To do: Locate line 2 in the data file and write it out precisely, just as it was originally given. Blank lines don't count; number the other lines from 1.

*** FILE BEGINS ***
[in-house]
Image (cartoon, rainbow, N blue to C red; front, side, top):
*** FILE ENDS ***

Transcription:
Image (cartoon, rainbow, N blue to C red; front, side, top):